To mark President Donald Trump's first 100 days in office, the Star Tribune polled registered Minnesota voters between April 24 and April 26. Highlights from…
The most recent Star Tribune poll, conducted between April 24 and 26, asked registered Minnesota voters if they approve or disapprove of the job performances…
Data on sheriff's sales in each county show how the foreclosure crisis has slowed, although hot spots remain.
A Star Tribune analysis found that metro and greater Minnesota taxpayers each provide about half the money for Minnesota's roads and bridges, but greater Minnesota gets twice as much back in projects.
Affordable areas near urban amenities are in demand – like Richfield.
Are you living in a hot housing market? To find out, the Star Tribune’s housing market index combines four key housing metrics for cities with…
Data on births in Minnesota show how the rate of multiple births rose over the past three decades.
Find out what your lawmakers in the Minnesota House and Senate were reimbursed for job-related expenses in 2016.
The two sides spent much of the money on fewer than two dozen legislative races, with totals on some topping $1 million.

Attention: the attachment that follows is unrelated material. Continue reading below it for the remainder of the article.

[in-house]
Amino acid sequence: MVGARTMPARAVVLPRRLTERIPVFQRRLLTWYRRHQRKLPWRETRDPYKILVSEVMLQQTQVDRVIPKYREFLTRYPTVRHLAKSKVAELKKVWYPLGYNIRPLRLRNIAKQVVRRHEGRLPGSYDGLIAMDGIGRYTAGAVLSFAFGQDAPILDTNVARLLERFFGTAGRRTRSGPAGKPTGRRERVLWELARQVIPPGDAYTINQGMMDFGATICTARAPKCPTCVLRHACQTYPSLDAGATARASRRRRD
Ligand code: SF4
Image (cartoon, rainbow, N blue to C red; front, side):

Campaign finance data show where Minnesota candidates and outside interest groups are raised and spent the most money.
We look at how Minnesota has changed during the Obama years, from economic indicators to gay marriage to professional sports teams' success.
Newly-released data showed an increase in women dying on the job and in farm-related deaths.
New U.S. Census Bureau data on frequency of surnames shows the changing racial makeup of the nation.
Black leaders said the findings provide empirical weight to the anecdotes and troubling police encounters the black community has long experienced.
More than 140 people have died in forceful encounters with law enforcement in Minnesota since 2000.